One question I frequently get asked by tattoo first timers is whether they should get one tattoo sleeve or two. And my answer is always that two tattoo sleeves will look better than one.
Maintaining symmetry and balance is what looks best. And symmetry is what drives most people with one tattoo sleeve to get a second.
Should I Get A Second Tattoo Sleeve?
A Single Tattoo Sleeve Will Look Unbalanced
Head on over to any bodybuilding forum or Reddit thread and you will find countless examples of people with only one tattoo sleeve complaining that their tattooed arm looks smaller than their arm without tattoos.
While tattoos needn’t necessarily be matched in color and style, tattoo sleeves should be matched in length. If one arm has a full sleeve and the other nothing, the arm without tattoos will look bigger than the tattooed arm.
The lack of symmetry will make you look unbalanced.
If you have one full sleeve tattoo and one half sleeve, then again you will look unbalanced.
Notice on the model in the picture below that his right arm looks bigger than his left. It’s an optical illusion caused by a lack of symmetry.
Always Plan On Getting A Second Tattoo Sleeve
When deciding on your first tattoo sleeve you should leave the option open for a second. As you will more than likely end up getting a second sleeve done.
Some people will claim that once you get your first tattoo you will be compelled to get more. And this is most often the case.
You will subconsciously notice a lack of symmetry and balance. And from my own experience, I can tell you that the lack of symmetry will drive you crazy.
When you look in the mirror you will feel like your tattoo journey is incomplete. And you will be compelled to get more. It’s in this way that tattoos tend to creep up on you.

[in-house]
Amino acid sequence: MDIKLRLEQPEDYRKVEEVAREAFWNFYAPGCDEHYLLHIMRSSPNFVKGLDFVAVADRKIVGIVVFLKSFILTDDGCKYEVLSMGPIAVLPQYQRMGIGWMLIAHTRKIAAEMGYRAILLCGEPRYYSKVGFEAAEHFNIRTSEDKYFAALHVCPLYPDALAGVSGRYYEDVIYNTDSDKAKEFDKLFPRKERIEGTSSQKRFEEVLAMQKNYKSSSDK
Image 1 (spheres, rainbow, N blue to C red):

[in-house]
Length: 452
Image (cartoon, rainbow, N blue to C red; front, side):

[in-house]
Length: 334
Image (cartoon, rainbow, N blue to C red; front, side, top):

Like the Pringles commercial says; ‘once you pop, you just can’t stop.’ You’ll want more tattoos. I know I did.
Plan Out Your Tattoo Styles
While you’re getting your first tattoo sleeve started, it’s very important to consider whether or not you will be getting a second sleeve down the road.
If you are, it’s always a smart idea to plan out the style of tattoo designs you want to use in order to make the two sleeves play off each other.
The last thing you want is two very different sleeves that clash. If you think you might want to go with a neo-traditional tattoo style for your first tattoo sleeve, just remember that anything differing too much from that style on your second sleeve might look peculiar.
Some styles do mix, such as fine line and black and gray tattoos, but in most cases, this must be planned out and well executed to look good.
Once You’ve Got Your First Sleeve You Will Need A Second!
I immediately began noticing that my blank arm looked bland. And a little odd compared to my tattooed arm. I didn’t notice the perceived size difference caused by optical illusion myself. But my friends did.
One friend pointed out that my tattoo free arm, looked bigger than my tattooed arm. And from that moment on, I couldn’t unsee it. It bugged the heck out of me.
Every time I’d walk past a mirror or see my own reflection in a window, I’d notice one arm looked bigger than the other. The lack of symmetry drove me to get my second sleeve.
When I eventually had my second tattoo sleeve designed by my artist, we didn’t match colors. Matching colors and styles isn’t always necessary. And I’ve previously covered whether or not tattoo sleeves should match.
Instead of matching colors, I went for a blackout tattoo sleeve to go with my color sleeve. We matched the length and tone. Both are the same length and have heavy ink. And it works. It works because there’s symmetry.